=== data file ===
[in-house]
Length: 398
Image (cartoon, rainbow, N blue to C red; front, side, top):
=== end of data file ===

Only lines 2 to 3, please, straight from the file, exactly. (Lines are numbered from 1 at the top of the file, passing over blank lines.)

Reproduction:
Length: 398
Image (cartoon, rainbow, N blue to C red; front, side, top):